Obama’s broken promises may prove a turning point in support for US, says Jackie Kemp
EITHER the office of the president of the United States is a powerless cipher, or Barack Obama is a charlatan and a coward. I have often spoken up for America, arguing that its leadership offers the world a better future than the alternatives, so it saddens me to write these words. But no other conclusion can be reached, given the current situation at Guantanamo.
Pupils at Glasgow’s Douglas Academy debate Scotland’s independence ahead of next year’s vote. Photograph: Martin Hunter
Rosie Duthie and Euan MacIntosh, both 15, have made up their minds on how they plan to vote in next year's referendum on Scottish independence. For Euan the answer is a clear "yes" because he believes it will be his best guarantee of a free university education. Rosie is a "no". She says: "We should be arguing that what we think is better for the future of young people in Scotland is better for England too and for the European Union."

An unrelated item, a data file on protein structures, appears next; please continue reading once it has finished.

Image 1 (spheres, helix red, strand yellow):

It's difficult, unfamiliar, and far from a traditional educational choice. So why are more Scottish pupils bucking the UK trend and venturing out of their comfort zone to study Mandarin? Jackie Kemp speaks to some of the people involved in the pursuit of oriental excellence. From The Scotsman April 29 2013
"Worrying" dip in language learning in Scots schools
By RORY REYNOLDS AND JACKIE KEMP Published in The Scotsman newspaper on 29/04/2013 00:00
FOREIGN language learning in Scotland’s schools has dipped to “worrying” new levels, education experts warned last night. The warning that the decline will have an negative impact on Scotland’s standing in the world came after it emerged that only about one in ten S5 pupils is taking foreign language courses.
An analysis of education statistics by The Scotsman has found the number of Higher course entrants for modern languages has fallen by nearly a quarter over the past 20 years, from 10,179 to just under 7,887 in 2011.